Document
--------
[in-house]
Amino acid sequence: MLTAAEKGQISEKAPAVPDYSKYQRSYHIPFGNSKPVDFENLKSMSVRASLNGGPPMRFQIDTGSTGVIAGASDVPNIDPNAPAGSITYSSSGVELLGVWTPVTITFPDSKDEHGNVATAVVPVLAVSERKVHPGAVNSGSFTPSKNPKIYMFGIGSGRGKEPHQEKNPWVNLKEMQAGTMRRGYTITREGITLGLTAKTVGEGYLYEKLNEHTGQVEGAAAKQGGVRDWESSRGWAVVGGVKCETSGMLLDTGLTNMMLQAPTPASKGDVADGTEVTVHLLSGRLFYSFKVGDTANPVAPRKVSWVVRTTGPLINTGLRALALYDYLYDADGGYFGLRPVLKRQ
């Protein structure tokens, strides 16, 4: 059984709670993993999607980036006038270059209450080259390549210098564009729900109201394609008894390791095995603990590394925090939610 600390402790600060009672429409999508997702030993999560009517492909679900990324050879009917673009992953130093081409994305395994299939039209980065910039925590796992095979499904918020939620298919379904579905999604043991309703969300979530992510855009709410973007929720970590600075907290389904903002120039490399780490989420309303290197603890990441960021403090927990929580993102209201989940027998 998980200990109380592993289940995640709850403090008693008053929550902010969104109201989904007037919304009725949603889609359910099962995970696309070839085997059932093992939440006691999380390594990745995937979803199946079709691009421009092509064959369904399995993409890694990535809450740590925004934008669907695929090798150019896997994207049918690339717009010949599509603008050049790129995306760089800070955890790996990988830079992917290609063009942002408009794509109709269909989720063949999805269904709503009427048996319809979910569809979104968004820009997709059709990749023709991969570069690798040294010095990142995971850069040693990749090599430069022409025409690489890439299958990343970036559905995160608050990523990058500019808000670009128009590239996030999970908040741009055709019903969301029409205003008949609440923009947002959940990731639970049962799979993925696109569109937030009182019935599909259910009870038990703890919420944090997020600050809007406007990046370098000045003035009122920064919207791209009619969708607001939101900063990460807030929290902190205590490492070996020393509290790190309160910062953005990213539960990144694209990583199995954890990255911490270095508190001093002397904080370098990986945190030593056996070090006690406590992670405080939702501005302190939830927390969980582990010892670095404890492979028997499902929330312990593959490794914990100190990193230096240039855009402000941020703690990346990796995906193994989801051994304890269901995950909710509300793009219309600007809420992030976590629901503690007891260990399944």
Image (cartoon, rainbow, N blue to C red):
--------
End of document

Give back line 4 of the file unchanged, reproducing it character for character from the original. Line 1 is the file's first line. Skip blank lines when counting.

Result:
Image (cartoon, rainbow, N blue to C red):